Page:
Northern Irish farmers have urged the UK to align with the EU's agri-food sanitary and phytosanitary standards (SPSs) to help improve the current 'trading nightmare'.
The Ulster Farmers' Union (UFU) said aligning with the bloc's SPSs would significantly help minimise trade friction from GB to NI and vice versa.
The union said this would solve the disruption that the NI agri-food industry had been experiencing since the implementation of the NI Protocol on 1 January 2021.
The Protocol is in place to prevent a hard border between Northern Ireland and the Republic of Ireland.
Northern Ireland remains in the European Union's single market for goods, but this has created a new trade border between NI and GB.
The UFU said a UK-EU SPSs alignment would remove a large percentage of the physical and documentary checks that are currently required.
This would help ensure agri-food products and livestock can continue moving, flowing freely from GB to NI without extra complications and costs.
Examples of disruption facing farmers include livestock identification changes and machinery soil contaminant certification, where additional restrictive measures are now required.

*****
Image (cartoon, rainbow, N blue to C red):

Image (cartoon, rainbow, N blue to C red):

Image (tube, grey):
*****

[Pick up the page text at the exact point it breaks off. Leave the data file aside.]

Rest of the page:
"One particular and very visible effect is the shop window for NI pedigree breeders being blocked, as animals cannot be taken to GB to be shown," UFU president Victor Chestnutt said.
"While animals can still be sold in GB the regulations still limit the farmer. If he or she travels to GB to sell an animal but the animal is not sold, it has a six-month residency to complete in GB before it can be brought back into NI."
He said this unpractical situation could lead to long-term damage of the pedigree sector and the availability and quality of the gene pool of NI livestock.
"Aligning the UK’s agri-food standards with the EU’s would straighten out a lot of the trade issues that we have been burdened with since the beginning of the year," he added.